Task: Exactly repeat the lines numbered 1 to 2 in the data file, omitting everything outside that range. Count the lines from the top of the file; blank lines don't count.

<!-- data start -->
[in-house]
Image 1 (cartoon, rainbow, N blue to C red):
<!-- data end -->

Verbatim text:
[in-house]
Image 1 (cartoon, rainbow, N blue to C red):